Opening Reception: April 14, 2022 5- 8 PM
Exhibition on View: April 14 – May 8, 2022 by appointment.
The Fountain of Eudemonia is an exhibition of new work by Jing Qin, the 2021-2022 Phipps Visiting Professor and Artist-in-Residence at the University of Denver’s School of Art and Art History.
Eudemonia, a concept derived from Aristotelian ethics, is the condition of human flourishing or “living well” and refers to the highest form of human good as an end in itself. In this exhibition, Qin explores the concept of eudemonia through a diverse and critical lens. Perusing visual cultures that create symbols or depictions of an idealized life, the artist probes what sort of life counts as doingand living well and what sort of activities enable one to live well.
The imagery that resulted from Qin’s exploration yielded works encoded with blended iconography, utilizing both Eastern and Western symbolism and contemporary and historical frameworks. Although the work is influenced by Chinese history, the facial features, hand gestures, and objects held by figures in her work only vaguely imply a period before the current time. References to the history of painting in the West and movements such as Surrealism, Romanticism, Expressionism, and Mannerism coexist with elements gleaned from our current period’s visual culture found in cartoons, illustration, film, advertising, and the internet. Qin also borrows and elevates imagery from her own life.
In some instances, figures pose with conspicuous intentionality, recalling the calculated poses, product placements, and constructed identities presented on social media. Qin’s careful arrangements of her subjects serves as a metaphor for contemporary corporal experiences. Their stylized and deliberate rendering also alludes to the idealized lifestyles of influencers and social media celebrities, which in Qin’s work present almost as religious figures. Everyday objects like hair scrunchies, Cheetos, and smartphones become symbols embedded with marked significance, depicted with devotional reverence. In both subject and form, Qin’s work alludes to the combination of an ambiguous past and present.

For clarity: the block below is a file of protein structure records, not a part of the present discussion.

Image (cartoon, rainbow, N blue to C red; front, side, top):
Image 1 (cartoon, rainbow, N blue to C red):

About Jing Qin:
Jing Qin is an artist living and working in Denver, Colorado. She was born and grew up in Henan province, China. She earned her MFA in painting and drawing from the University of Tennessee. Her work has been exhibited with galleries in Philadelphia, New York, Knoxville, and many places in China. Prior to serving as the Phipps Visiting Professor and Artist in residence at DU, Qin was also in the Artist in Residency program at the Vermont Studio Center. The artist’s work was selected for and shown in New American Paintings, No.130. Qin was also the recipient of an Artist Teaching Fellowship from Pratt Institute of Art and Munson-Williams-Protor Fine Arts Center in 2020.
Qin’s works frequently include figures which against backdrops of obscure interiors. While she develops each work instinctively, without knowing the finished result, each painting has a strong sense of narrative. She deliberately build an antagonistic narration by mixing elements from her fantasies with features from a more commonplace, mundane world.
To see more of her work, visit Qin’s website at www.jing-qin.com.